30 October 2013

Grandmother power

Barefoot solar engineering workshop

Imagine this. You want to provide solar-powered electricity supplies to small rural villages in Madagascar so that people don't need to rely on burning expensive fossil fuels like diesel and kerosene. You decide to train local people who will become the solar engineers, setting up and maintaining the solar systems. Who would you choose to train?

The answer is, grandmothers. Following the success of a similar scheme in India, the World Wildlife Fund has sponsored seven older women from Madagascar to do six months' training at the Barefoot College in Tilonia, Rajasthan. On their return they will responsible for setting up solar powered electricity supplies to nearly 400 homes in two villages.

Barefoot solar engineers in Africa
Grandmothers (mainly middle aged women) are specifically chosen because they are keen to learn, patient, benefit from the opportunity to be employed and are unlikely to move away from the village after they are trained. You can read more about the Madagascan project on the WWF site.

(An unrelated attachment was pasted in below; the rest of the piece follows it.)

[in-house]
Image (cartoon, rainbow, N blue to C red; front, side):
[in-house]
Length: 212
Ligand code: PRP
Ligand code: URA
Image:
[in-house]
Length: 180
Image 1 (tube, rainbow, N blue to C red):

The Barefoot College has been training grandmothers as solar engineers for several years. According to the college website, since 2008 the grandmothers they have trained have provided electricity to more than 40,000 households, bringing light to more than 450,000 individuals in 1,015 villages. That's in addition to helping communities provide electricity to public buildings such as schools and hospitals, along with solar powered water heating and desalination. 

Photo credit:Barefoot Photographers of Tilonia / Foter.com / CC BY-NC-ND

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